All the 8th graders (13 year olds) become members of a collective oppressor group. Even though all have not ‘acted,’ their power relationship to the actors and victims makes them passive participants to this conflict. There are several perspectives that these 8th grade students might hold. Some might not see a problem at all. Some might not agree with the behavior of the two girls, but do not see themselves as involved. Others might not agree with the girls conduct, and might choose to act in a protective way toward the younger students.
The 7th graders (12 year olds) become passive participants to this conflict. Although the 7th graders may feel intimidated by the power of 8th graders, they have two grades of students below them who may be deferring to their power as they are much like 8th graders to these younger children. This group is likely to be unaware of their power role, since they are acutely aware of the power of those older than they are. When the 7th graders become 8th graders, they would likely be hurt and confused if younger students were scared of them, because they didn’t “do” anything. If the school adopted a strict policy on this kind of conduct the following year, this group might feel resentful that they are being ‘punished’ for a wrong that they did not commit. Next year, when this group become 8th graders, their use of power may be influenced by their experience of having been involved, albeit passively, in this conflict. Though one might believe that simply having experienced being oppressed provides enough guidance for people to learn to use their power well, history suggests that modeling is a powerful teacher; thus, until the injuries under power abuse are healed and one learns to use one’s power consciously, change is not likely to happen.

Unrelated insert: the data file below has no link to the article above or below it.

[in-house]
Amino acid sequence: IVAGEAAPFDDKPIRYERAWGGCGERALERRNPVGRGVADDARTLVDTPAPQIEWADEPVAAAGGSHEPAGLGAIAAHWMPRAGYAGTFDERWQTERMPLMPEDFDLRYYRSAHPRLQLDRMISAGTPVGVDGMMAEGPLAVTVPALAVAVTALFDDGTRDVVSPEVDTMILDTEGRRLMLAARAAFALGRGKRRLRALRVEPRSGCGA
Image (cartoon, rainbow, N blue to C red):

The 6th graders (11 year olds) also become passive participants to this conflict.
The 6th graders have a dominant power role related to the 5th graders. Though with two grades above them, they are likely to identify more with the 5th graders and the experience of being ‘under’ others’ power, and one might expect the 6th graders to “do” more to support the younger students, perhaps making an effort to develop friendships across grades and looking out for younger girls; as a group, they are likely to actively promote equity and safety within the community.
The 5th graders (10 year olds), share a common characteristic with the victim, and thus, are all passive participants to the conflict. They have three grades of power holders above them. After an incident like this, some might be expected to hold a global sense of fear, such as that expressed by Beth, who now has a fear at school. Others might identify with the targeted child differently and experience something akin to survivors’ guilt—a sense that “it could have been me”.
The school administrators and teachers are also passive participants in this conflict. As people who are older and in power, they are by default most closely aligned with the 8th graders in this situation. However, as adults and administrators, they hold power to determine how to handle the 8th graders and the how to manage the entire school community. They punished the two students who acted out by suspending them from school, and they responded to the parents of children directly involved with a meeting to facilitate understanding of the situation. In one sense, the administrators are bystanders to the conflict between the girls; yet with a connection to this event, they are also participants and how they choose to intercede reflects how they model using their power.
Within the adult community, there are additional layers of power related to position and wealth. As private school administrators and teachers, the school’s faculty work for the parents. They have an obligation to realize the school’s academic mission and to maintain the school’s fiscal health. As such, these administrators have authority over the children, yet they remain accountable to the parents. In the adult landscape of power that considers position and wealth, one might recognize similar power positions analogous to the grades of student.
 This is a fictional narrative for teaching any resemblance to a true story is purely coincidental.
 This relationship is peculiar to private school environments, but analogous to a variety of other situations, so I chose to make this “hypothetical case study” in a private school.